Another way terminals have coped with growing volumes at ports has been extended hours. Later this year a further change will sweep through the nation’s two largest ports — Long Beach and Los Angeles — when PierPass revises its OffPeak Program.
   That program, which began in 2005, encouraged shippers to have their truckers pick up and deliver containers to terminals at night by charging a fee during the day that is waived at night. Before the PierPass program, 88 percent of containers of the two ports were picked up during the day; today about half the truck moves at terminals occur during the day and half at night.
   Under the revised PierPass program, shippers will be charged a lower fee around the clock. To prevent congestion at the terminals, trucks will be required to have an appointment to retrieve cargo at terminals.
   While the other nine terminals in Los Angeles and Long Beach already have implemented appointment systems for truckers, SSA has not, until now, required appointments because of its use of the off-dock yards.
   But the company will move to an appointment system at its terminals in Long Beach as the new PierPass program begins.
   In Oakland, SSA has been requiring appointments since 2016 when OICT saw its volumes grow 70 percent nearly overnight when the Ports America Outer Harbor Terminal was closed.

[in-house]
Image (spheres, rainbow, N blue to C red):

“We didn’t like an appointment system because as a terminal operator you want to handle as many trucks as you can in a particular day, with the labor you have,” he explains. “But as it turned out, we had like 600 to 700 trucks in the morning and we just couldn’t handle it. So we were forced to have an appointment system for import loads and we spread the business out over the whole day and it worked great. So we hope the same thing will happen in Southern California.”
    DeNike says OICT has become the busiest terminal on the West Coast, handling about 6,000 trucks each day — about 4,500 at night and 1,500 during the night.
   The second-largest terminal in Oakland, TraPac, announced last week that it will start operating at night as well beginning Oct. 15.
   One development being watched closely in the Port of Long Beach is the future of the highly automated Long Beach Container Terminal (LBCT), which was developed by the parent company of Orient Overseas Container Line (OOCL). With the sale of OOCL to COSCO Shipping, the U.S. government is requiring COSCO to sell LBCT and it has been placed in a trust.
   If COSCO and OOCL were to consolidate business at LBCT, that might seem to present a problem for SSA Marine since it operates its Pacific Container Terminal at Pier J in Long Beach, in a joint venture with COSCO.
   But DeNike says, “We expect to extend the lease at Pier J. COSCO is going to need at least two terminals. They are going to need another terminal, and we feel it’s going to be Pier J.”
   LBCT and the TraPac terminal in Los Angeles are two of the most automated in the United States, but DeNike takes a cautious view of fully automated terminals.
   “My personal feeling is that, for one thing, you have to have volume to pay for it,” he says. “If a large steamship line feels that it has enough volume to pay for it and they’re controlling it then maybe the volume part of it would work.”